Finding Speaking Engagements to Talk About Your Latest Self-Published Book

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One of the questions I frequently get asked is “How do I find opportunities to speak?” There are primarily three ways to go:

  • Signing with an agent
  • Joining a speaker association
  • DIY

Using an agent or a firm that specializes in connecting speakers with opportunities will require that you either pay an up-front fee or more likely that you give a portion of your speaking fee to the agency.

Additionally, just like it is difficult to get an agent for your book it can be just as challenging to find an agency willing to help you book speaking engagements.

The second solution is to join a speakers association like the National Speakers Association, National Speakers Bureau, Public Speakers Association and the Women’s Speaker Association.

These may have dues for both national and local chapters however they will frequently have meetings and seminars that provide valuable information to help you become a better speaker and also to help you land speaking engagements.

Some of the associations, like the National Speakers Association, will require that you provide proof that you are a speaker. For example, the requirements are that a percentage of your annual income comes from speaking and/or that you have delivered 20 paid speeches in the prior 12 months.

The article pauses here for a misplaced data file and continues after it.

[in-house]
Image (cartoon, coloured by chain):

One great association to explore is your local Toastmasters club. Whether you are new to speaking or an old pro, your Toastmasters chapter is a great place to practice delivery methods, get comfortable with off the cuff responses and also practice writing and presenting your speech. I highly recommend that you at least visit one or two meetings near your home. You don’t have to join right away and can experience what the club is all about before making a commitment.

If you are just getting started looking for places to speak, you may want to try the DIY or “do it yourself” method of landing speaking engagements. Also, unless you are thinking about building a business around your speaking rather than your writing, you need to keep your mind open to speaking opportunities even if they do not pay any money. If the venue allows you to sell your book, who cares if you also receive a stipend for your speaking?

How do you go about finding local speaking engagements?

The best place to start is the library. Hopefully you are already friends with your local librarian. He or she can be a valuable asset when it comes to research for your books but also when it comes to finding speaking opportunities.

Your librarian can help you find the local rotary clubs and chambers in your area. These clubs don’t pay, but you usually get a free meal and the chance to sell your book. Also, the audience is small so it is the perfect place to practice before you actively seek larger, paid opportunities.

Along with chambers, seek out libraries and houses of worship if your speech is appropriate. Remember to look for events that will draw your target audience.